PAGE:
gprof gets you down to the function level, lcomp helps peer inside the
function. One can always emulate lcomp by sticking in counters by hand
in the appropriate places.

Working out the order of a program's run time is a little difficult
for large programs.  One can try to approximate times for typical
programs by finding the most executed code, (gprof is a great help)
and working out rough relationships for the input and the time taken.
It's a good way to figure out what the code is doing and why it's
taking so long doing it.

Jon Bentley's "Writing efficient programs" (Prentice-Hall) is
recommended reading.  I liked Dennie Van Tassel's "Program Design,
Style, Efficiency and Testing" (?).  And you can always pick up the C
News paper from Usenix '87 (Winter?) or by anon. ftp from
cs.toronto.edu (doc/programming/cnews.{tbl.ms,doc,ps}) -- has some
interesting lessons on speeding up system programs.

If you work under UNIX, you may use cat, cp or dd to copy your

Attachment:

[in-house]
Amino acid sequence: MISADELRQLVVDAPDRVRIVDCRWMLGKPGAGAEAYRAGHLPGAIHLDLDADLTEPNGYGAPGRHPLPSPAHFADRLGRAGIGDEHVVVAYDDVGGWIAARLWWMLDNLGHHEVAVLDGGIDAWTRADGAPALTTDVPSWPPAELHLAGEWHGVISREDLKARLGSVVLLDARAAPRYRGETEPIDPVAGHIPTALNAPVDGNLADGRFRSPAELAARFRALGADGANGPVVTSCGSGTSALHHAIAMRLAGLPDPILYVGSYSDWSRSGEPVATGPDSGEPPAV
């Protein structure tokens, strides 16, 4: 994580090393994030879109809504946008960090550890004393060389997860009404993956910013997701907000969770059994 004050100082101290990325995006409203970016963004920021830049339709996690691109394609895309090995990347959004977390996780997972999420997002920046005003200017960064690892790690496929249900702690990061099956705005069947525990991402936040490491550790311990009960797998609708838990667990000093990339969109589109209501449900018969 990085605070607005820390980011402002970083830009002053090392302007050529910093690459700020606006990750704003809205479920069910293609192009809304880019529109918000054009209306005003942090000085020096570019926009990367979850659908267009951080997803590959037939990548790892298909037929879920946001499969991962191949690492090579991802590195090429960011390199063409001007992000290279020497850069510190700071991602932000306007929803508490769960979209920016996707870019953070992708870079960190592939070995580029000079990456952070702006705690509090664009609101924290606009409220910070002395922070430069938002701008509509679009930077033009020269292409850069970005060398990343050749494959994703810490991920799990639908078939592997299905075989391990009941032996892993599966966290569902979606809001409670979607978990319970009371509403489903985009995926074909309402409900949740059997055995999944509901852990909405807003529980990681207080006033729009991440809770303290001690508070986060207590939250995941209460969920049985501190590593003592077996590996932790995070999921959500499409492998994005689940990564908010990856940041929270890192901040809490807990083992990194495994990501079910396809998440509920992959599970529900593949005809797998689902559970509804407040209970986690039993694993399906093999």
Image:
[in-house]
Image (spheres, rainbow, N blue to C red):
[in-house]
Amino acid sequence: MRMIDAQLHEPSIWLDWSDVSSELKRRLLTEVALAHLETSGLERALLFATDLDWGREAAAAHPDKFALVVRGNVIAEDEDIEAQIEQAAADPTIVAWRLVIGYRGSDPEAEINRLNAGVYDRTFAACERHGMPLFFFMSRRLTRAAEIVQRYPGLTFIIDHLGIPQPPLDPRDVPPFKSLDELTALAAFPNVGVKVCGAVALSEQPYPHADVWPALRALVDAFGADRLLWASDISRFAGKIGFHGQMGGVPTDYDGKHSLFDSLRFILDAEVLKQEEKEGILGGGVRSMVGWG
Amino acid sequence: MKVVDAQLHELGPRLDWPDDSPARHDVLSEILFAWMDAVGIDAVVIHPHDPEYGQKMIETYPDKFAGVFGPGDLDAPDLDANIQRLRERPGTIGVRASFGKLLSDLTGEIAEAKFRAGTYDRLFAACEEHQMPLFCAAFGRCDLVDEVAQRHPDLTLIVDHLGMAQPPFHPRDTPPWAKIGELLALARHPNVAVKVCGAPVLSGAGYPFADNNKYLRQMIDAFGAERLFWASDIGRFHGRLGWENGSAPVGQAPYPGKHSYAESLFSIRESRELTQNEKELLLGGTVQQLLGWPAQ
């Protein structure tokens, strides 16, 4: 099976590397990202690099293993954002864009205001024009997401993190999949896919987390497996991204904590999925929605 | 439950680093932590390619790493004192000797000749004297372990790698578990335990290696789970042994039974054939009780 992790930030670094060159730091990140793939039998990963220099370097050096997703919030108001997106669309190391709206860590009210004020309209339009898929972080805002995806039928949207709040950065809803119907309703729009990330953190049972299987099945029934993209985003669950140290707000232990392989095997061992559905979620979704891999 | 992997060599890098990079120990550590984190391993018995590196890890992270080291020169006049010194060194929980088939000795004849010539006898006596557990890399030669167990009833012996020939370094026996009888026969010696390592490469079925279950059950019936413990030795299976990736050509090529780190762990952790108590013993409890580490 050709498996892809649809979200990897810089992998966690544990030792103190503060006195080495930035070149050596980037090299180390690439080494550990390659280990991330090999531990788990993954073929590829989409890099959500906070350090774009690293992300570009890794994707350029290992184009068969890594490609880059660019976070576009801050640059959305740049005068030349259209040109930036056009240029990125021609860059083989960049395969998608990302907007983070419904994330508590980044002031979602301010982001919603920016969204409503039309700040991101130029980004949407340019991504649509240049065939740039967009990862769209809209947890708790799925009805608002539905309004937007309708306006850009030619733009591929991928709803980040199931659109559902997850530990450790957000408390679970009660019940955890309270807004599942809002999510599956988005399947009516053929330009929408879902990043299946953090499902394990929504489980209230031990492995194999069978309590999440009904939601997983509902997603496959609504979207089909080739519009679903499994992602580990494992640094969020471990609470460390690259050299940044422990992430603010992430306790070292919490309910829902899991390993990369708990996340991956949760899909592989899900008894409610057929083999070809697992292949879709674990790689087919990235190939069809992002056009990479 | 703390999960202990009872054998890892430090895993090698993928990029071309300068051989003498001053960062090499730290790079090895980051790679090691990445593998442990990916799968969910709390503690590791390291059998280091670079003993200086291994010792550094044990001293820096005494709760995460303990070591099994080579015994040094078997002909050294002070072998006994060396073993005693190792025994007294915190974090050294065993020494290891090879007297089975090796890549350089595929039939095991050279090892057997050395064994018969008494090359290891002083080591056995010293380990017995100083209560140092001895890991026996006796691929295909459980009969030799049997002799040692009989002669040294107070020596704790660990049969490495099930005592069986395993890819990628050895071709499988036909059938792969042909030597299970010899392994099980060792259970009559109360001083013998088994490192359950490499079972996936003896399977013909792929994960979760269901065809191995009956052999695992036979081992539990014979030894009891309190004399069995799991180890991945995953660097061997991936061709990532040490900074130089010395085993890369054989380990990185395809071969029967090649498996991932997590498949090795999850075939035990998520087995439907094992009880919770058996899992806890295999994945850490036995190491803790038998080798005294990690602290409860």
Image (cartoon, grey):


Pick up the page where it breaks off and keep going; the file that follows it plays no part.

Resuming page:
input file to /dev/null, resulting in a time I call "r_time".
Next take a file of the length of your output-file an do the
same, resulting in a time I call "r0_time". Finally just copy the
second file (not to /dev/null!), resulting in a time I call
"w_time". Now, the lowest bound - without any conversion -
for your problem is around "r_time + w_time - r0_time". (Here
I assumed that standard utilities like the one I mentioned
are well adapted to the system - eg. they use Standard-I/O
with a blocksize that matches the appropriate values for the
given file system - an assumption which may sometimes be wrong!)